Saturday, July 05, 2008

A true-crime tale in "Atlantic Yards"? Not quite

The crime fiction collection Brooklyn Noir was the first in Akashic Books' highly-successful "Noir" series, which now extends to dozens of anthologies. Now Brooklyn Noir 3: Nothing but the Truth has been published, the first true-crime collection in the series.

The Table of Contents lists not just the chapters but the neighborhoods they're set in, so I was intrigued to see that the collection includes a memoir titled "The Ghetto Never Sleeps, Mister Policeman," by Robert Leuci and set in a neighborhood designated as Atlantic Yards.

Is Atlantic Yards a place? Nope; it's a project. (If you want an AY crime story, check the statistics.)

The essay by Leuci, a former New York Police Department detective who retired in 1981 to become the subject of the book/movie Prince of the City, and an acclaimed novelist/memoirist, is set decades before the term "Atlantic Yards" emerged in 2003.

The Ghetto Never Sleeps

Leuci's essay is an interesting miscellany, set in no particular neighborhood--hence, perhaps, the catchall neologism. He writes about visting Brownsville as a kid, then returning as a cop. In East New York, the undercover cop passes as a high school student to buy dope. He encounters a pimp-informer in arraignment court (no neighborhood mentioned) and gets him sprung on the spot.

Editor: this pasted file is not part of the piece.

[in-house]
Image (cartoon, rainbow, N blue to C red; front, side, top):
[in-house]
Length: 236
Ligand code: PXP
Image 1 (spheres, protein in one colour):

In an Italian cafe on Court Street, he falls into conversation with a law professor, one Mario Cuomo. He recalls an excellent cop named Robert Volpe, the father of Justin Volpe, the rogue cop who sodomized Abner Louima in 1997. (Leuci suspects steroids.)

Finally, 14 pages into a 16-page piece, we get to a fabled intersection (though Leuci doesn't use the term "Atlantic Yards," though it appears on the book's map; click to enlarge):
The intersections of Fourth Avenue, Atlantic Avenue, and Flatbush Avenue constituted a drug marketplace that never shut down. An island stood at the heard of where those avenues came together, and on that island was a brightly lit stand where you could buy coffee, sodas, pizza, and soft-serve ice cream. There was an outsized Bickford's cafeteria across the street, and a block south on Fourth was a doughnut shop. The stand, the cafeteria, and the doughnut stop were gathering places for junkies that went strong twenty-four hours a day, seven days a week.

A short walk from the Bickford's was the Long Island Rail Road terminal, with tracks running under the streets of Brooklyn. Commuters--the good guys heading home to Mamma and the tykes in Massapequa and Hicksville--could stop for the lurid thrill of a quick ten-dollar blowjob, or else a ten-minute stand-up fuck from one of the dozens of hookers roaming those gathering spots.


Leuci was buying undercover, and he soon concluded that "this war-on-drugs business was bullshit." Then again, he was proud to say, "those Brooklyn streets were a glorious show."

It's a little different today.

Good yarn? Yes--as is the whole collection.

Atlantic Yards? No.

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